A series of short, AU Akatsuki drabbles. Just for fun. Enjoy!

Characters are Kishimoto's, not mine.


Almost there, he was almost there. He could taste his own death on his tongue, tangible and metallic, as real as the pulsating controls under his fingers. He didn't know whether to laugh or weep but he had promised, so he smiled while his heart sped up and tears salted his cheeks. For the good of… He had forgotten. Forgotten everything, in the face of his death, his brilliant, blazing doom.

The ship looked tiny from where he was. Buoyed up in the rush of blue, unknowing. They probably saw the plane by now, they were probably pointing, wondering what would happen. Deidara smiled, because he was coming for them, him and him alone, forget the metal, the bombs and fuel surrounding him, he was the plane, it was his own glorious vessel and he was going to take them down, all of them. He wished he could be alive to see the explosion, fire and water and bodies mingled with screams and cracks, blasts big enough to send men flying across, into the fathomless sea. He was laughing now, laughing in earnest, because he couldn't care about dying anymore, not now when his hand felt glued to the throttle. The plane was embracing him now, humming with its promise of destruction, still hiding the secret of its devastation.

We go down together, Deidara thought, and he was so close now he could see the fear of the men below him and as he jetted downwards, throwing in a couple joyful spirals he thought of nothing but the aircraft around him, the detonate button under his shaking finger. Yes, detonate.

He saw flames, and he heard screams but he probably was just imagining them. It was a beautiful, perfect, complete attack. He fell, suspended in his aching, dazzling doom.



She despised herself. She wanted to burn her clothes, every one of the exquisite dresses, and throw away her jewels. Throw away those shameful gifts of lust, that her shameless customers-her patrons-bestowed upon her as if they were nothing, another thousand francs, thrown away into the abyss of her perfect sins.

Paris glittered like hell before her. Montmartre was alive, it was crawling, infested and soon she would be called down, in her white dress that clung to her like paper and her rubies that were as big as her eyes. She would have to kick her legs up in the air, grind her body against men twice her age, smile, lick her lips, tease and then she would stagger back to her room, weeping and delirious. She knew the routine.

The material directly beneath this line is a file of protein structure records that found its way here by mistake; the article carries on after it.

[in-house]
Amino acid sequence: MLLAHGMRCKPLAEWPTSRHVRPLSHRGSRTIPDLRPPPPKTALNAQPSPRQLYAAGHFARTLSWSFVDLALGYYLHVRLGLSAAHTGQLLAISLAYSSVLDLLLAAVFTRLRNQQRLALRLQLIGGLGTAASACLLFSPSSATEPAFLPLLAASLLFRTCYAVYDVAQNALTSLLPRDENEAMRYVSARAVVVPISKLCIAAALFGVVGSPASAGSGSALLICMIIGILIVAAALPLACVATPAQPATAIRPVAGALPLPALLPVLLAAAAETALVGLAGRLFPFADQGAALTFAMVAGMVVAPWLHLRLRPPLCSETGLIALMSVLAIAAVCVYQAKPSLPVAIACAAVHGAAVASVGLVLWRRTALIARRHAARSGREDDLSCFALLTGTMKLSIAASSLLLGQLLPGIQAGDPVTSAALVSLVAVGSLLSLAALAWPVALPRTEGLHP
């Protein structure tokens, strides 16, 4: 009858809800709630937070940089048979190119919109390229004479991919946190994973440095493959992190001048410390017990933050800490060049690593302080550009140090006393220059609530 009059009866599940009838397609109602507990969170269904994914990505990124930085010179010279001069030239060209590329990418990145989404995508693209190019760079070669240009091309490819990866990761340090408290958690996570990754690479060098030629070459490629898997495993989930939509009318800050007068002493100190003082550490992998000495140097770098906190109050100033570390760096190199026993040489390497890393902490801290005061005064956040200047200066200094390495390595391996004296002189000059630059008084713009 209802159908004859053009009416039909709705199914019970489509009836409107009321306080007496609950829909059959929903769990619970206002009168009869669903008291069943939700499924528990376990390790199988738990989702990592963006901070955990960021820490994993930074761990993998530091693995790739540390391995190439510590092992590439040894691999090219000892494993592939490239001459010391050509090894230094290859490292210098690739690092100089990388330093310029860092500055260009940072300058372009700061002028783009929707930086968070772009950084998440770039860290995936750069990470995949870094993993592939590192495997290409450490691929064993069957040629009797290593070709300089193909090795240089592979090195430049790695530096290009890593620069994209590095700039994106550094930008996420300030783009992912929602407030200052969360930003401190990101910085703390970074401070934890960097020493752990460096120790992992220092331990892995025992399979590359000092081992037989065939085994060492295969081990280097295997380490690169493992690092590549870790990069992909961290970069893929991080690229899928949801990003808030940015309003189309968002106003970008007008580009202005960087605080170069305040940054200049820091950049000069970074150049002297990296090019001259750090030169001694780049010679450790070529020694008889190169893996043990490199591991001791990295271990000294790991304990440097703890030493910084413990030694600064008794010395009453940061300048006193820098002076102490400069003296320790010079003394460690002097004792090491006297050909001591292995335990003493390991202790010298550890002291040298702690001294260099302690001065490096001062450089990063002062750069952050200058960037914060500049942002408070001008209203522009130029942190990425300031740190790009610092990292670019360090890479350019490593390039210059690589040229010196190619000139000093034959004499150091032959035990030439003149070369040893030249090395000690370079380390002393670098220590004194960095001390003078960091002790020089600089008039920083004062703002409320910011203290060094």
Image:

Konan was wasting away. Her bangles slid off her wrists, got lost on the shrieking, twisting dance floor. Her hipbones were sharp beneath the folds of her immaculate dress, and she barely had to lace her corset anymore. She liked to laugh in private, with a glass of champagne from some Monsieur, whose name she did not know. Je me transforme en fantôme, oui, she would giggle, voice husky from too many cigarettes, speaking to her reflection in the mirror that was hazy with powder and lipstick, bientôt, lá serai plus rien! Rien n'est parti pour eux á l'utilisation.

She examined herself relentlessly, trying to find the spark that all her men found. But there was nothing in her eyes that were dark as bruises, nothing in her sunken cheeks and white throat, her skin that looked as thin as paper. She looked like the ghost she wanted to be. And that was what she took refuge in. Because she knew no one else could possibly save her, there was no God, true or false, looking out for her no matter how hard she wished. Paris adored her and she was completely alone under the sordid red windmill.


"I am turning into a ghost, yes,"

"Soon there will be nothing left! Nothing left for them to use."


He had someone else dig up the body. Not because of his conscience, not because he didn't want dirt and death on his hands. But Sasori was not suited to physical labour, he was suited to the miniscule, the tiny moderations with scalpel and his slender fingers. So one of his eager students went out, ready to do anything-anything-for his master.

And so now the body was laid out, the man's face wasted and empty, his limbs stiff. Sasori looked the body over coolly; he could not imagine this man alive. He was another hard machine now, broken, but he was no human. Sasori touched the hard bicep, pulled back an eyelid to reveal a light eye that saw nothing. He smiled.

Così c'è un'anima dopo tutto , he said to the student who was watching him expectantly. "We could bring it back, then, couldn't we?" He said this to the dead man, his fingers skirting over the bloodless face.

His student shook when he handed Sasori the knife. But his master's hands were steady when he made the incision, clean and straight across the man's chest. The student watched, transfixed, as the skin was pulled apart to reveal the secret galaxy of the man's innards, the brilliant corona of the heart. Sasori smiled.

"You wonder-can it be re-animated?" His voice danced, lulled as he probed gently at the organ, "No," his voice had sunk to a whisper as he reached out to touch the heart with his bare fingers, "It is dead," He said and the student nodded.

"You believe it, then?" The student asked timidly and Sasori shrugged, withdrawing his hand from the man's body, wiping it on his robes.

"That the heart is the centre of being? How are we to know?" He bent, peering intently at the organ, "But replace it-couldn't we? Tear it out, create something some…mechanical…" He stepped away, reaching for the sheaf of his notes.

"What if it is not the heart, then? How could we re-animate a soul?" The student took his master's place, looking at the organ as if it were volatile.

Sasori shook his head, "That is only in God's hands, Bernardino. But with a heart he could live, could he not?"